[Dixielandjazz] Ben Ratliff (NY Times) Waxes Nostalgic
csuhor at zebra.net
Sun Dec 26 14:42:45 PST 2004
One interesting thing about this is the implicit maybe explicit
recognition here that fine modern jazz doesn't have to be reaching for
something entirely new. I think we're hard-wired to respond to
improvisation that's firmly anchored in song structure. We get that
with early jazz, swing and modern jazz, up to but not including
free-form jazz, where dependably recurring underlying patterns are
gone. Ratliff isn't asking "Where's the next Coltrane?" or bemoaning
the fact that no new trails are being blazed in the best two CDs of the
year. Too bad that so many in the wide-excritics don't take another
step and acknowledge today's OKOM players by bringing this appreciation
of good-jazz-now to premodern jazz players.
On Dec 26, 2004, at 9:10 AM, Steve barbone wrote:
> Below are, according to Ben Ratliff, NY Times Jazz Critic, the TOP 2
> Albums released in 2004. Maybe not quite OKOM, however they are both
> interesting picks.
> Why? Because they reach back in time to a gentler, more understandable
> rather than ahead to avant garde, and modernism, the usual jazz critic
> choices, which most of us berate.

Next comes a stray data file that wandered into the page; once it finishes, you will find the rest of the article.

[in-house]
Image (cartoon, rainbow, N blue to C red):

> They are both very musical CDs.
> Could this be a trend? Read on:
> December 26, 2004 - MY Times
> THE BEST - By Ben Ratliff
> The Deepest Jazz Grooves
> "1. JOE LOVANO: 'I'M ALL FOR YOU' (Blue Note). On paper, the quartet
> of Mr.
> Lovano on saxophone, Hank Jones on piano, George Mraz on bass and Paul
> Motian on drums neatly entwines the classicist and experimentalist
> in postwar jazz. But I doubt they gave that a second's thought. Here
> play only ballads, knocking them out of the park with a grace that
> effortless. The rhythm is wickedly self-edited and deeply behind the
> the saxophone playing is billowing, smeared and full of Ben
> caresses; Mr. Jones's clarion bebop piano runs through it all."
> MY NOTES: This could have been titled "Lovano For Lovers" It is a
> CD with 9 tunes including: Don't Blame Me, Stella By Starlight, Like
> in Love, Early Autumn and Monk's Dream. Recognizable melody,
> tender renditions from a jazz master of his instrument.
> "2. THE GREAT JAZZ TRIO: 'SOMEDAY MY PRINCE WILL COME'
> (Eighty-Eights/Columbia). It's the last session Hank Jones recorded
> with his
> brother Elvin, the incomparable improvising drummer of modern music.
> Jones died on May 18.) The program is all standards, and the star is
> playing superbly, with the great depth of his sound accurately
> MY NOTES: A wonderful recording, especially for drummers because Elvin
> is in
> top form. His drums are tuned exquisitely, played tastefully and
> clearly. Another album of standards including Caravan, Softly in a
> Sunrise, Smoke Gets in Your Eyes, Satin Doll (listen to the piano on
> one for some new ideas on an old stanby), Moose The Mooche and Someday
> Prince Will Come.
> These picks absolutely blew me away because IMO, they demonstrate a
> on the part of jazz critics as well as the growing jazz audience for a
> simpler, more melodic form, yet one still filled with expert
> Catch The Wave.
> Steve Barbone
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